COVID 19 Fight: CSO Exposes Tobacco Industries in Ghana
The Institute of Leadership and Development (INSLA) is a non-profit civil society center aimed at strengthening leadership capacity and promoting development.
INSLA’s goal is to stimulate discussions and actions to make humanity and the environment productive, safe and healthier.
Being a member of the African Tobacco Control Alliance (ATCA), a non-profit, non-political, Pan-African network of more than 120 civil society organizations in 38 African countries dedicated to preventing an epidemic of tobacco use on the continent and its detrimental impact on the health and well-being of Africans, the Institute of Leadership and Development (INSLA) is concerned about possible tobacco industry attempts to exploit the COVID-19 pandemic to boost the tobacco business at the detriment of public health.
Ghana, as a Party to the Framework Convention on Tobacco Control (FCTC), domesticated the FCTC through the passage of the Public Heath Act 851 of 2012, with Part Six (6) of the Act focusing on tobacco control measures.
As at Saturday August 15, 2020, the Ghana Health Service (GHS) COVID-19 information
website reported that, the number of total confirmed COVID-19 cases in Ghana stood at 42,653, with 40,567 as the number of recovered/discharged cases. The COVID-19 active cases are reported as 1,847.
The total number of COVID-19 related deaths is 239.
As at Tuesday August 18, 2020, Ghana has been ranked the 3 country on the COVID-19 Chart in the WHO Afro Region and 52nd worldwide.
Tobacco smoking is a known risk factor for many respiratory infections and increases the severity of respiratory diseases.
World Health Organisation (WHO) on 29h April 2020 found that smokers are more likely to develop severe disease with COVID-19, compared to non-smokers.
COVID-19 is an infectious disease that primarily attacks the lungs and smoking impairs lung function making it harder for the body to fight off coronavirus and other diseases.
Also, tobacco is a major risk factor for non-communicable diseases (NCDs) like
cardiovascular disease, cancer, respiratory disease and diabetes.
People with these conditions at higher risk of developing severe complications if they become sick with COVID-19.
Available research suggests that smokers are at higher risk of developing severe disease and death.
The tobacco industry is fully aware of the devastating consequences of its products, yet it invests heavily around the world to create a favorable environment for its business, even when it is clear that this puts many lives at risk.
To sway authorities and the public from the
negative image its products and actions bear, the tobacco industry engages in humanitarian gestures like the offering of financial donations and life-saving equipment including ventilators, hand sanitizers and face masks to governments.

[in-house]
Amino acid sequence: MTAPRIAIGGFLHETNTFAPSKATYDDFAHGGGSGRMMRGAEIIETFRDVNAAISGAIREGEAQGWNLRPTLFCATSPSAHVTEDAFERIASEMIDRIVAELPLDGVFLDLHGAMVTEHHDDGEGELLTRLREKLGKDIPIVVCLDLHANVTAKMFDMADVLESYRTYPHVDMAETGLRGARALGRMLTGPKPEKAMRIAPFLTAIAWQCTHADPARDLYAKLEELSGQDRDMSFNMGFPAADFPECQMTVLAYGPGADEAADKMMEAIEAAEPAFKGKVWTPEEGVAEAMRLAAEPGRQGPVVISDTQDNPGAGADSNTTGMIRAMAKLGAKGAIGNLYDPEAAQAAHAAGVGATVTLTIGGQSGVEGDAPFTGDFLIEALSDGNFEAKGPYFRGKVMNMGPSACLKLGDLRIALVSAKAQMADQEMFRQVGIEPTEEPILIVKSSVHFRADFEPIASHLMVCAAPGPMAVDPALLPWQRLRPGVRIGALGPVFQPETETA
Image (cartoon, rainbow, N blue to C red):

Such gestures have been identified in countries like Uganda and Zambia, and the tobacco industry continues to use it
to clean its image in the continent.
They usually aim at putting governments at a tight end with regards to the implementation of tobacco control policies in the future.
The tobacco industry engages in this activity to portray itself as a responsible entity which cares for the well-being of COVID-19 patients, when in effect, its products only help to aggravate their situation.
Historically, the industry has engaged in such Corporate Social Responsibility (CSR) initiatives to give the impression that it is a development partner, when its product actually kills 8 million people around the world annually.
Article 5.3 of the WHO Framework Convention on Tobacco Control to which Ghana is a party requires that governments reject any form of collaboration with the tobacco industry.
Based on the points above, we call on the Government of Ghana (GoG) to reject any offer and any type of support that may come from the tobacco industry, its affiliates and allies in the management, control and treatment of COVID-19.
We urge Government to continue to
protect the public health of the population as against the profit motive of the tobacco industry and its allies.
We conclude by calling on government to invest in the implementation of the
Tobacco Control Measures of ACT 851 and prioritize the Tobacco Control National Health agenda and in the fight against COVID-19.
Mr. Benjamin Anabila
For further information, kindly contact: Ibrahim A. Kugblenu; Programme Officer: 0240960013
- Ministry of Health (MOH)
- Presidential Committee on COVID-19
- Ghana Health Service (GHS)
- Food and Drugs Authority (FDA)
National COVID-19 Tust Fund
Ghana Medical Association (GMA)
- World Health Organization (WHO)
- Ghana SDG Secretariat
INSTTUTE OF LEADERSIP ARD DEYETOENT
P.O. Box YK 932 Kanda